The main objective of the Spine project is to develop and validate an end-to-end energy modelling toolbox that will enable open, practical, flexible and realistic planning of future European energy grids.
The Toolbox will be modular and adaptable, making the toolbox suitable for both detailed modelling of complex features in energy systems as well as for large-scale problems. This is a novel approach to energy system modelling, which allows addressing a much broader set of problems within a single modelling tool.
The Spine project consists of seven interrelated work packages, and it has the following specific objectives:
1) Develop tools and methods for documented and replicable data acquisition (WP4)
2) Develop a highly adaptable energy system optimization model (WP3)
3) Develop a method to generate and manage a large number of scenarios (WP2)
4) Develop an adaptable interface for external models and tools (WP2)
5) Develop an interface for the parallelization of optimization tasks (WP2)
6) Improve, validate and deploy the Spine Toolbox together with the industry in 13 case studies (WP5 and WP6)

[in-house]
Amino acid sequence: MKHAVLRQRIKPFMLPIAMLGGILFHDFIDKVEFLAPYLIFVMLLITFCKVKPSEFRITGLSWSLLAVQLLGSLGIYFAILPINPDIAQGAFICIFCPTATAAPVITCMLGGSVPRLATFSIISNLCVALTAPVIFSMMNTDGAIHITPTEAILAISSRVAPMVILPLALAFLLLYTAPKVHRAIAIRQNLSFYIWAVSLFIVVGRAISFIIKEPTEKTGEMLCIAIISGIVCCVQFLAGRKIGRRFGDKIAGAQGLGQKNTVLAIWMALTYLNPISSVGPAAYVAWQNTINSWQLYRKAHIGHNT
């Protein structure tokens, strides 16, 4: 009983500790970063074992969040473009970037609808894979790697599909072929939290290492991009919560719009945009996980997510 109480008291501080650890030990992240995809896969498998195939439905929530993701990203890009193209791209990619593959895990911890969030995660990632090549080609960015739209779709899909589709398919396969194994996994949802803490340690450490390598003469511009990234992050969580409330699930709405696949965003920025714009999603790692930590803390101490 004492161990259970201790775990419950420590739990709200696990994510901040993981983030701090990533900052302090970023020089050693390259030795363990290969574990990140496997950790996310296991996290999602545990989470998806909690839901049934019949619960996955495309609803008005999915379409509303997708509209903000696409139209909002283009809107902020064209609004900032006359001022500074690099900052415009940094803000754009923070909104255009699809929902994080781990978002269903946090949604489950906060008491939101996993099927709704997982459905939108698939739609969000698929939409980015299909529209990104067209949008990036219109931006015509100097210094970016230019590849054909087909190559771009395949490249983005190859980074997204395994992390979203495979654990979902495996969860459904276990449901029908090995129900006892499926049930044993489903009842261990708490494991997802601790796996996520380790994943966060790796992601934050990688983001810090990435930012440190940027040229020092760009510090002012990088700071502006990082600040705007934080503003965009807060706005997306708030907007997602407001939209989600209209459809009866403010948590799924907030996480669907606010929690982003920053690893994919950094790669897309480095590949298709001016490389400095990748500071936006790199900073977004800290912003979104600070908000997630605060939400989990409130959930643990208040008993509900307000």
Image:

7) Initiate, grow and support a user community for the deployment and future development (WP7)
Methodology and innovation potential
The Spine Toolbox provides a skeleton where tools and models can be put together in any way the user wants to. The clear-cut modularity of the tools and models within the Spine Toolbox unleashes innovation potential, as it will be possible to develop new functionality without understanding the detailed implementation of all the parts in the toolbox. This allows, for example, a large energy consumer to include a detailed model of their process within the larger energy system and seek to optimize its processes for cost-effective flexibility. Thus, Spine Toolbox can be used to test new concepts and it can lead to new products, services and business models.
Spine project will execute 13 case studies that help to develop and verify the capabilities of the Spine Model as well as provide insights into the dynamics of integrating different energy sectors. Finally, Spine project will engage with the wider modelling community and as an open source project invite others to use and contribute to the tools under development. The intent is to keep using and improving the tools also after the EU funded project is finished.
An energy system model that adequately captures variability and uncertainty in integrated energy systems can have a profound impact on energy technology innovation. It is not yet known what the best flexibility solutions are and how to best utilize at times inexpensive electricity. New concepts in energy generation, storage, transmission and energy use can be developed and tested much more realistically when a reasonable energy system model is available for concept development. In addition, Spine allows less experienced modellers to utilize the toolbox – for example a new energy carrier can be added by providing only the data needed to model the new carrier.